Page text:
One of my preoccupations in painting inhabited space is to see how people perceive and decorate their surrounds. In cities, it seems to me, conformity sometimes rules — or perhaps there’s too much unconformity to make sense of a singular type of decorative decorum. Whatever the case, I find that peering at small towns and villages gives me a certain kind of data; both individually and collectively, people seem to want to dress up, decorate, make order of what lies around them. And in places with few people, it’s possible to suss out what that decorative impulse consists of.

A particular caution that I remind myself of — looking at what people do to dress up their trailer houses requires a disciplined mind. My goal is to neither romanticize nor to satirize. I allow myself no irony about individual choices, although lots of irony can abound when examining communal structures (like bridges and mine tailings). What I want is to see what’s there without indulging in judgment.

So what is the predominate beautification element of Beatty Nevada ( 220 miles south of Reno, 110 miles north of Las Vegas, population 1200, where the Amargosa River surfaces, just for a minute, before being swallowed by the Amargosa desert [a subset of the Mojave desert])?

Well, mostly it consists of rocks.

The city stockpiles them in the multiplicity of vacant lots around town.

The post office shows them off.

The best soup and sandwich shop in town (as well as the only one) uses them as grass would be used elsewhere.

True there is at least one person in town who loves a variety of decorative elements (and perhaps indulges in a bit of irony of his own.)

But even the owner of the Beatty Club (above and below) on Main Street, formerly a place to buy food and drink and now a warehouse for “stuff,”¬† has some of his creations sitting on rocks.

The Bank of America (here the irony makes itself) makes use of the local home decor.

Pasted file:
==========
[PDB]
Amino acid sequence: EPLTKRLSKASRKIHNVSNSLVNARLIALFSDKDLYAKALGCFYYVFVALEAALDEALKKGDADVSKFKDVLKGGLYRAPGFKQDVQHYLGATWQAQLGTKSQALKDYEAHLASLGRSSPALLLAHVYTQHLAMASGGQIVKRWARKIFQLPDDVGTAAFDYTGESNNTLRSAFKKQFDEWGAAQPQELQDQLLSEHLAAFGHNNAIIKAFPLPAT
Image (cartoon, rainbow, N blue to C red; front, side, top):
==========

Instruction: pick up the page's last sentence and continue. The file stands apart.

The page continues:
And someone with lots of energy and a strong back built a stone garage.

It makes sense, of course. Rock here is all around — millions of years of flash floods have pushed boulders out onto the desert floor, beautiful rocks, rosy, green, metallic, gold. Not much vegetation, too sparse for cows, but tons of magnificent rocks. And people here see and appreciate the qualities of rock, just as I have, in making a growing rock circle/maze from my days at the isolated Red Barn Residency.

The housing stock in Beatty is 90% trailers. One might think that’s because of the average income level, but in other small, economically poor towns, Basin, Montana, for example, there were far more conventional wooden and brick houses. The reasons for the ubiquitous trailer is obvious: no wood, except creosote bushes and mesquite and soft cottonwood, exists naturally for miles and miles. There’s no clay to make bricks. And building stone houses now requires rebar, experienced stone layers, and structural devices that drive up the price. Stone houses tend to be inflexible, small, dark, sometimes inconvenient for utilities. So trailers abound, ranging from converted school buses to double wides that have been stuccoed to look like traditional adobe dwellings. They have air conditioning, heating, carpeting, running water, all mod cons, and can be transported along Highway 95 quite easily. Almost certainly, if Jer and I were to live permanently in Beatty, we’d be in a double-wide with a heavy-duty chain link fence, perhaps disguised by creosote and greasewood bushes. We’d have a rock-laden yard, with a rock strip between the sidewalk and the street, and we’d hire someone with a stong back (or a big machine) to lay some gorgeous rocks along the walkways, just for sheer pleasure of seeing them every day.

So painters go to Tuscany to paint the villas or to Peru to paint the markets. In 2000 years people may come to Beatty to discover how the indigenous peoples lived. They will photograph the remains of the structures, and note the use of rock as an important, yet not very utilitarian, element.They will come to paint the remains of the civilization, imagining what it must have been like, back in 2010.

So, what observations have you made about the common use of decorative elements in your neighborhood. What do the natives do to their external surrounds to make them attractive or rational? What native materials do they make use of? What native materials do you make use of?